LFF Day 3: La La Land & Manchester By The Sea

Rhapsodic Hollywood dreaming and glacial Massachusetts misery on London Film Festival Day 3.

 

4.5 Stars (4.5 / 5)

Ryan Gosling and Emma Stone soar in Damien Chazelle’s radiant love letter to the Golden Age of Hollywood musicals and those who dare to follow their dreams in the City of Angels.

London Film Festival 2016: 10 films to get excited about

Well, it’s that time of the year again.

It’s a well-known but little commented upon phenomenon that each year Christmas comes to London roughly three months early – at least for capital-based cinema buffs – as, each October, the BFI hosts the London Film Festival.…

The Nice Guys is Kiss Kiss Bang Bang with a fun ’70s retrofit

4 Stars (4 / 5)

 

The Nice Guys is your standard Shane Black neo-noir buddy comedy with a ’70s retrofit but that’s no bad thing.

The film is a wild and seedy ride from the top of the derelict Hollywood sign, through — occasionally literally — the deluxe shag pads of Beverly Hills, and all the way down through the mean streets of L.A.

The Big Short goes long on edudrama and it pays off – magnificently

4.5 Stars (4.5 / 5)

You wouldn’t think the recent global financial crisis would be the stuff of comedy, but The Big Short makes it funny – and educational, and genuinely moving.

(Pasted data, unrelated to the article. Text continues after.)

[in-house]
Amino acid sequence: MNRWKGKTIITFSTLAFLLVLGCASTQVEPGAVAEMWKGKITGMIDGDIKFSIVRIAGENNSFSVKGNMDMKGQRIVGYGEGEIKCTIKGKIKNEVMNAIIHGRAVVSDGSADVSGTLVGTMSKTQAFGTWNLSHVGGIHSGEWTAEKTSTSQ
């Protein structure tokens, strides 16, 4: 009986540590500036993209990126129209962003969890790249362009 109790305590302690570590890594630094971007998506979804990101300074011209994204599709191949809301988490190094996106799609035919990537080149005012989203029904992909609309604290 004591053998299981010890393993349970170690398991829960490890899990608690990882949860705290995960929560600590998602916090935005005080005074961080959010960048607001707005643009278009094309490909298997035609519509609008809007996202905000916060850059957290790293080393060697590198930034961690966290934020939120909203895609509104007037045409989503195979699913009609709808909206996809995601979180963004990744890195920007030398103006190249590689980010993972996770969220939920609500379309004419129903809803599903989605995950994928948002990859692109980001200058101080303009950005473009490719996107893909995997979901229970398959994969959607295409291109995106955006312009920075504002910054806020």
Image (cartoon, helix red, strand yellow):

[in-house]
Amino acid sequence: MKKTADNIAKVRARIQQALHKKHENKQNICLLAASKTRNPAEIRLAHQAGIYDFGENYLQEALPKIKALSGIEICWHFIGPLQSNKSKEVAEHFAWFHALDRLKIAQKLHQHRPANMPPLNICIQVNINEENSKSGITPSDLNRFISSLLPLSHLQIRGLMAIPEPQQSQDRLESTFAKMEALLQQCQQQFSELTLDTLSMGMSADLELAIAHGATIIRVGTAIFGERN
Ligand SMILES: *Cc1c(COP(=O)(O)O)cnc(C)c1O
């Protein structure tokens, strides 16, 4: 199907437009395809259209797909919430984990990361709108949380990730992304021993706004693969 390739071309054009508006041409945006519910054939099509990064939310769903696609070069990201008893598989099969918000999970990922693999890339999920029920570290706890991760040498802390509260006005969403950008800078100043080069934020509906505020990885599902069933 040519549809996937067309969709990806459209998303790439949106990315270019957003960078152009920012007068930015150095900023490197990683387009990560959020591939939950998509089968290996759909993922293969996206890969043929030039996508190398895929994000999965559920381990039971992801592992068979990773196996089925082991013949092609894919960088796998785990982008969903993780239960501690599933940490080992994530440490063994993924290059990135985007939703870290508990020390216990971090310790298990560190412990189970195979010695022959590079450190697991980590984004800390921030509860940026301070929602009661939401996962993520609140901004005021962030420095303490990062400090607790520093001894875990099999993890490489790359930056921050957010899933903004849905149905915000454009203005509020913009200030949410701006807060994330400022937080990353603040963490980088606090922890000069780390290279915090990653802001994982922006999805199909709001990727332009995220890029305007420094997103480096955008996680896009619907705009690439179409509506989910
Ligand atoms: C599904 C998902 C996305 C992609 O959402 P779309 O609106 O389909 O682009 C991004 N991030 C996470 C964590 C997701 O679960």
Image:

Directed and co-written by frequent Will Ferrell collaborator Adam McKay (Anchorman, Talladega Nights) and with an all-star cast, including Christian Bale, Steve Carrell, and Ryan Gosling, The Big Short makes for a highly entertaining (and instructive) study of greed, fraud, and three groups of people who sought to profit from the meltdown before it happened.…

Lost River winnows away into nothingness

1.5 Stars (1.5 / 5)

 

The Merriam-Webster dictionary defines a lost river as “a surface stream that flows into an underground passageway.”

Appropriately, Ryan Gosling’s directorial debut of the same name is all about the lurid surfaces and obscure depths, and cuts a wide and muddy channel across the cinematic landscape.…

Only God Forgives is an unforgivable load of tosh

1.5 Stars (1.5 / 5)

 

It’d be easy to dismiss Only God Forgives as Drive in Bangkok: as in his previous collaboration with director Nicholas Winding Refn, Ryan Gosling stars as a laconic, almost too-cool protagonist amidst neon lights and bursts of shocking violence.

The Place Beyond the Pines is a mythic triptych about family that loses itself in the woods

3.5 Stars (3.5 / 5)

 

A crime drama directed by an obscure American arthouse director, Derek Cianfrance, and starring two hip young Oscar-nominated actors? Sounds like my cup of tea.

On one hand, you’ve got Ryan Gosling as tatted-up carnival motorcyclist Luke Glanton; a bleach-blonde, barely repressed psychopath who develops a penchant for bank robbery in order to provide for his baby mama, an underused Eva Mendes.…

Gangster Squad assembles all the old cliches to little effect

2 Stars (2 / 5)

 

Post-war L.A. The glitzy and glamorous City of Angels is under the thrall of brutal mob boss Mickey Cohen, with mob slayings on every corner and half the police force on the make.

Or so Gangster Squad, the third feature of director Ruben Fleischer (Zombieland, 30 Minutes or Less), would have us believe.…